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Application of Molecular Imaging to Breast Cancer: Imaging of CRIP1, a Gene Overexpressed in 90% of Human Breast Cancers.
Background. The sensitivity of screening technologies for early detection of breast cancer is limited and early detection of this cancer still presents a significant diagnostic challenge. Detection of cancer cells in a background of normal/hyperplastic benign tissue is often based on differences in physical properties between tissues, which are frequently minimal, i.e. small tumors are not detectable. To enhance detection of small tumors we are using genomic screening technologies to 1) identify the differences in molecular properties between cancer and normal tissues and 2) exploit these differences to increase the sensitivity of imaging for breast cancers.
Objective/Hypothesis. The underlying hypothesis for this work is that 1) a similar pattern of breast cancer-specific changes in gene expression are present in a high proportion of patients and that 2) the molecular differences between normal and cancer tissue can be used to significantly increase the sensitivity for detecting breast cancers non-invasively. We have in part demonstrated these hypothesizes by showing that the human transferrin receptor is up-regulated in a large proportion of breast cancers (41%) and that imaging probes targeting the receptor significantly increase the sensitivity of MR to detect small tumors (see attached manuscript). Here we propose a set of studies to design an imaging probe against a marker that is overexpressed in 90% of breast cancers.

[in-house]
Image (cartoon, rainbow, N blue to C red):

Specific Aims. In collaboration with Dr. Sgroi (also a collaborator on this grant application) we have identified a potential molecular imaging marker for human breast cancer, cysteine rich intestinal peptide 1 (CRIP1). It is overexpressed over 8-fold in 90% of all tested human breast cancers and hyperplastic tissues (1) (n=63). We propose to develop molecular imaging agents against this target along the following aims:
Aim 1: Express and purify the CRIP1 protein, utilize phage display to identify high affinity peptides that bind CRIP1, and synthesize and characterize peptide binding.
Aim 2: Utilize Tat-peptide and other translocating peptides to traverse the cell membrane and image CRIP1 expressing cells in vitro.
Aim 3: Test in vivo the bio-distribution and imaging potential of the peptide using both optical and magnetic resonance imaging.
Study Design. To accomplish these goals CRIP1 cDNA will be cloned into a bacterial expression vector in frame with a histadine tag and enterokinase cleavage site for later purification. Following Cobalt column purification the protein will be cleaved and intact CRIP1 will be used for panning with a cys-7-cys phage library. Following several rounds of selection phage will be isolated and binding peptides identified. The peptides will then be characterized for their binding characteristics to CRIP1 both in vitro and in vivo.